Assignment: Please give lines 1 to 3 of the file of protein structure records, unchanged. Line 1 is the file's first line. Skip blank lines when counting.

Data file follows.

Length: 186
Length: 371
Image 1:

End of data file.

Length: 186
Length: 371
Image 1: